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July 25, 2021

Repair of a VacMaster VP215 Commercial Vacuum Sealer

Filed under: Uncategorized — admin @ 5:50 pm

the sealer unit, all fixed

One of my neighbours brought over a nice vacuum sealer that wasn’t sealing bags properly. The model is a VacMaster VP215. Vacuum operation seemed to be OK, insofar as the pressure dropped and stabilized after several seconds of pump operation. However, appearances were that the bag seal area wasn’t being heated uniformly, so I first tried replacing the nichrome heater wire, but the problem persisted. After more careful observation, I realized that the unit was releasing vacuum before applying heat to the seal rather than afterward. (more…)

January 16, 2021

Viking Fridge Compressor Replacement

Filed under: Uncategorized — admin @ 6:15 pm

The compressor in our Viking Professional 36 inch fridge had failed. It had been in service for about 12 years. Replacement of this compressor is non-trivial. Don’t try it yourself unless you have some familiarity with vacuum systems and refrigerants. First, the specific Embraco compressor is no longer in production. I found a suitable replacement, by Sikelan, with approximately the same electrical and mechanical specs (1.7 runtime amps, 10.9 LRA locked rotor amps, 1/4HP).

Failed compressor, before removal

Steps to replacement:

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2007 Subaru Forester – Neutral Start Switch Replacement

Filed under: Uncategorized — admin @ 5:58 pm

The neutral start switch, AKA inhibitor switch, on the transmission of our rough road vehicle, a 2007 Subaru Forester, was failing intermittently. Symptoms were that the car would not start (engine would not turn over on start) intermittently, but wiggling the transmission shift lever sideways would get it to start again. The starter motor had checked out OK. I found a new replacement switch, same part number, on ebay for about $100.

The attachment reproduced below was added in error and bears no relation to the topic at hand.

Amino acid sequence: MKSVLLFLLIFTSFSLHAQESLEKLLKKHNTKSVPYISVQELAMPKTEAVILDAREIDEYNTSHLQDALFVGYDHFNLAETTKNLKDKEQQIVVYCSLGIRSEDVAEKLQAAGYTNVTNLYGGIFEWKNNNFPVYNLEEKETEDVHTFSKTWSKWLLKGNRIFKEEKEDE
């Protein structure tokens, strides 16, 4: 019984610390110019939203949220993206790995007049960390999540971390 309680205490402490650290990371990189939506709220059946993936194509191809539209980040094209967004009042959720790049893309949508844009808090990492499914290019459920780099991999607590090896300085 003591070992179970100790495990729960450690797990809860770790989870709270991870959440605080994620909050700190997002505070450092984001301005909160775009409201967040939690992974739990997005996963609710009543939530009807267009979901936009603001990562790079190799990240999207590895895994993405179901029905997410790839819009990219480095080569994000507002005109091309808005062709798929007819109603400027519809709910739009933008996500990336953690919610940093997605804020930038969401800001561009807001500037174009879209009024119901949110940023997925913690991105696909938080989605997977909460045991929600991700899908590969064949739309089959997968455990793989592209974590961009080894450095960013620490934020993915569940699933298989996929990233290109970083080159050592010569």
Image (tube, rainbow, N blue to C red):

Failed Inhibitor Switch, removed

(more…)

December 14, 2020

Microwave Oven Repair: Another Interlock Switch Failure

Filed under: Uncategorized — admin @ 7:39 pm

the failed switch -note the depressed button

Over the past several years at Campbell River Repair Cafe events and elsewhere I’ve seen at least a dozen microwave ovens need repair because of failure of a specific component -one that is inexpensive and easy to source and replace: a door interlock switch. (more…)

November 14, 2019

Ultrasonic Humidifier Repair – The Unoscillating Nebulizer

Filed under: Uncategorized — admin @ 5:01 pm

One of the items that was brought in by a friend to a recent Repair Café event in Campbell River was a non-functioning portable humidifier, a Honeywell model HUD-200. I didn’t have time to get to it during the Café afternoon, but was able to fix it afterward. These devices are based on an ultrasonic “nebulizer”, basically a piezoelectric element in a high frequency oscillator circuit generating ultrasound waves in water, and thereby causing droplets to form and flow out in an airstream from a fan. The symptom was that water was flowing through the device, but no moisture was being created.

the nebulous humidifier

(more…)

November 7, 2018

Circa-1993 Bose Clock Radio Repair

Filed under: Uncategorized — admin @ 7:44 pm